Some people don't like Richard Sherman and his act — I've read the emails and seen the comments, trust me — but that group appears to be a vocal minority.
There are a few ways to judge popularity, and one (admittedly flawed) measure is the vote for the cover of EA Sports' "Madden" video game. This year, the winner of the vote for "Madden 15" was Sherman. He beat Carolina quarterback Cam Newton in the finals, and that probably won't quiet his legendary bragging.
After winning that honor, even Sherman's critics have to admit that he is undeniably one of the most popular players in the NFL and one of the faces of the league. He has vaulted himself into a spot usually reserved for quarterbacks and other skill-position players.
Usually the "Madden" honor goes to an offensive player. The last defensive player to appear solo on the cover was Ray Lewis on the 2005 game, released in 2004, and that was before fans voted. The fact that Sherman beat out high-profile young offensive players like Colin Kaepernick, Andrew Luck, LeSean McCoy, Jamaal Charles and A.J. Green says a lot about Sherman's appeal to the masses. True, only a certain demographic is voting on who appears on a video-game cover, and goodness knows Seahawks fans have been out in full force since the Super Bowl and probably contributed more than their share of votes (and maybe many voted for Sherman just to invoke the "Madden" curse), but it still seems like a pretty clear announcement that Sherman is a favorite of many, many fans. That's a great message too, considering Sherman is one of the few players in a league full of robots who is unafraid to show some personality. Maybe others will catch on, which could only make the league more interesting.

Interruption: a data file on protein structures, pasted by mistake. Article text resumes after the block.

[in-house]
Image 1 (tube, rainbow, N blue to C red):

If you complain that Sherman talks too much trash on the field, if you didn't like his screaming at the end of the NFC championship game about Michael Crabtree, if you're already sick of seeing him on your television and Twitter feed, if you think that Sherman's outspoken manner is bad for the NFL ... you might just be in the minority.
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- Richard Sherman